Economic Benefits of Cycling

Economic Benefits of Cycling

Money talks. When we talk to policy makers and influential citizens about the impact of cycling in our region, we need hard data about the dollars involved. We know that bike-friendly communities have some of the highest job growth rates, and top the lists of places people want to live. Now we have the local data to back up our position that cycling brings tens of millions of dollars in economic benefits to our region, and gives increased return on the investment in infrastructure.

When the new regional walk/bike plan study was announced, TOSC proposed a Bicycle Economic Impact Study. Corporate partner SRAM and the Pikes Peak Area Council of Governments provided the funding. We knew that the new plan would produce a list of great projects and we would need to convince decision-makers that the investment is justified. We contacted bike shops, local bike component manufacturers and bike tourism businesses to gather data.

The study looked at different parts of the cycling industry to determine the degree to which investments in improved connectivity and bicycle infrastructure (bike lanes, protected lanes, bike boxes, sharrows, bike racks, bike lockers, etc.) would generate economic benefits: increase tourism, bring jobs and bike-related industry, lead to fewer car trips and improved health, and more. The study found that a dollar invested in cycling infrastructure returns about two dollars in direct economic benefits.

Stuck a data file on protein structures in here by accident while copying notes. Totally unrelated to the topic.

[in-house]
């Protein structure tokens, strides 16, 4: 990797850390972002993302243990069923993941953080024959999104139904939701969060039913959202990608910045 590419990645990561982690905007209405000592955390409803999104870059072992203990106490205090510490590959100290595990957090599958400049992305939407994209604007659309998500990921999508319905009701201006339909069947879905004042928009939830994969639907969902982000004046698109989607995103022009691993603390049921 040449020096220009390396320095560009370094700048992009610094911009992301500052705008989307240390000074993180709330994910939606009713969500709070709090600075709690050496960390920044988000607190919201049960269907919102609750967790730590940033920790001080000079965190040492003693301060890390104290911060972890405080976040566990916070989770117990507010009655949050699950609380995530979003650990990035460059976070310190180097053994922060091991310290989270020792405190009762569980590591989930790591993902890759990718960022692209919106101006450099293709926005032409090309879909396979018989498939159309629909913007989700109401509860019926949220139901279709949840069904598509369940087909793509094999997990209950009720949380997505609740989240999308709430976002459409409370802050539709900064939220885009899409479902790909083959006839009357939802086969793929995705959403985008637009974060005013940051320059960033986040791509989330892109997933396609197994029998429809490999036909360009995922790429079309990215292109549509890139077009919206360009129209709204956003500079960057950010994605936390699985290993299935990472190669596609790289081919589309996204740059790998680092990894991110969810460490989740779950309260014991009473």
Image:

With the help of the Pikes Peak Area Council of Governments, we have the complete study, as well as an easy to read summary of the results. They are impressive! The direct economic impact of bicycling activities in the Pikes Peak region in 2010 is estimated at $27.9M, providing 373 industry and related jobs for the Pikes Peak region. Since 2010, the region has participated in the USA Pro Cycling Challenge, bicycles are finally allowed to summit Pikes Peak on the Pikes Peak Highway and local organizers launched the Pikes Peak Cycling Hill Climb. All of those new events bring in tourist dollars to restaurants, hotels and local businesses. As the region’s reputation as a mountain biker’s paradise grows, it’s safe to assume that the number of events and cycling-related businesses will grow.

This is the story we will share with our community leaders as transportation projects go forward. You can share it too!

 

See the full study at this link: Economic Impact of Cycling.

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